Princeton's Sydney Johnson Makes Appearance on ESPNU
Courtesy of Princeton Athletic Communications
PRINCETON, N.J. -- Princeton head coach Sydney Johnson '97 discussed the legacy of Pete Carril and other topics in college basketball on the Katz Corner College Basketball Coaches Special hosted by Andy Katz on ESPNU on Monday, Aug. 16.
Johnson appeared with fellow coaches and Princeton alumni John Thompson III '88 of Georgetown and Craig Robinson '83 of Oregon State, while Chris Mooney '94 of Richmond appeared later in the hourlong show. The Tiger alums were among 35 head coaches, and Johnson the only Ivy coach in the group, to appear on the week of Katz's Corner shows.
Princeton will appear at least one more time on ESPNU this season when it faces Duke on Nov. 14 in the College Basketball Experience tournament. Below are Johnson's quotes from the show:
On NCAA Tournament expansion to 68 teams and the "First
What I would have loved to see is us, mid-majors, taking on some of the big boys. That's what you play for. When we went to the tournament [during my Princeton playing career], that's what we got to do. We beat UCLA, we got to play Cal, and so I would imagine that, if you're a mid-major team and you get to the tournament, that you want to play Virginia Tech. That was one of the teams that was on the bubble [last season], and so they've kind of steered away from that and that's too bad. I like what John [Thompson III] - Coach to me - I like what Coach mentioned, is that, let it play out a couple of years and then see how it works.
On conference realignment:
Because you have all these big boys coming together and building some of these conferences - that's the way I look at it - the NCAA Tournament has to put a situation together where smaller schools, mid-majors, are allowed to play some of these bigger schools. It's also related to scheduling. I mean scheduling is such a big part of what we do as coaches, and we certainly -- some years at a smaller school like Princeton, you don't want to play all those big schools. But when you have a little bit better team, you want to take on some of these guys and sometimes they don't want to play you, and that's OK. So the NCAA Tournament becomes that much more important because if you're a strong team and represent your conference, you can go and play some of these bigger powers and I think the fans want to see that, coaches want to see that, and most importantly, the players definitely want to be a part of that.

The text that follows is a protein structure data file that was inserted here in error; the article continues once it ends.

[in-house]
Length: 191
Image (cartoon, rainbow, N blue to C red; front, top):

On Pete Carril's legacy:
For me, Coach, he sees so much, and that phrase is thrown out there. I don't know if people fully understand, but when he walks into a gym, he immediately understands what's important, how good a kid is, how the coach is coaching, what the parents must be like for a certain kid. He's absolutely amazing and for me it's just constantly trying to measure up to that, to have an understanding of what's going on and how best to communicate what I'm trying to do with my guys. I'd also say he believes in stuff that fundamentally is going to carry over years and years and years. Looking at John [Thompson III] and looking at Craig [Robinson], you can talk about levels, but what we do works, and he put that in place, whether it's how you guard, how you read certain situations, coming down and getting good shots every time. He's absolutely amazing. He still comes back to campus and checks us out at basketball camp and all that stuff. Those are the things, just seeing [things] and a brand of basketball that I think transfers to a lot of different programs.